It is widely held that in the post-industrial era, talent is a key resource and competitive advantage available to organizations to deliver superior service and attempt to resolve increasingly complex dynamics. In this context of the ‘war for talent’, women not being leveraged in senior leadership roles is a missed opportunity for organizations intent on achieving business success.
According to research by Dr. Julian Barling, Borden Professor of Leadership in the Queen’s School of Business, only 5% of CEOs in Canada are women. Sadly the numbers are even lower in other developed nations like USA and Australia.
If we chart it broadly, the conversation on women in leadership seems to have come full circle in the past decade or so. It began with rhetoric around the importance of increased access of women to leadership roles. It grew with a clear demand for gender diversity in boards. Finally the conversation came back to understanding the importance of equal opportunity; that harmony can be achieved only in balance. It has now been established that men play an important role in achieving gender diversity and their buy-in and sponsorship is key to women finding a seat at the leaders table.
Organizations like Catalyst have played a notable role in increasing general awareness on gender pay gaps and equal opportunity at the work place. By inviting participation by large employers in the private and public sector, they have helped bring the conversation to life.
Increasingly research studies have found that women are just as successful as men in leadership roles but they have to work many times harder to get to the top. Only 12% of board seats in North America are held by women, and of that, only 3% by women of color.
It would appear that a foundational step to attracting more women in leadership is to simply attract more women to the workforce. There is progress on this front.
Statistics Canada finds that more women than ever are pursuing post-secondary education and joining the work force. Changing traditional gender roles means that more women are now able to contribute at managerial levels. However there are pay gaps and lack of equal opportunity for women at senior management and leadership levels. A growing number of women in business today have drive and ambition, but perceive a lack of visibility and support in order to break though the proverbial glass ceiling.
Women who do find themselves in positions of leadership today are creating their own paradigms. Juggling work success and pressures, with a personal life which requires no less dedication is teaching them to use their creative problem solving skills. The interview of Indra Nooyi, Chairperson and CEO of PepsiCo, sheds light on the kind of decisions a women leader of color has to make on a regular basis.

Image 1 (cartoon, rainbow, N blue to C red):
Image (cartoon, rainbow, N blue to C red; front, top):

A number of larger employers have found business value in conducting sponsorship programs to help increase gender equality, inclusion and retention – specially among their high potentials. The next generation of women should expect to benefit in the form of strong role models and mentors who are accomplished women. But the way to do this is by including everyone in the conversation!
There are certainly pros and cons to singling out a group for so called ‘affirmative action’. However, in my mind (also supported by research), when a critical mass of educated women is given opportunity and receives support just as a matter of course, the conversation moves away from ‘women in leadership’, to simply ‘leadership’ and getting work done well.
Surekha Subramaniyan is a Coach, Consultant and millennial woman leader of color committed to Leadership, Inclusion and Equity.
She works with people and organizations to coach, facilitate critical conversations to change hearts & minds and co-create shifts. With exposure to diverse, global work environments, Surekha has rich experience in the corporate, non-profit, and government sectors across Asia-Pacific, Middle-East & North Africa and North America.
Surekha writes about leadership, inclusion and talent development within organizations.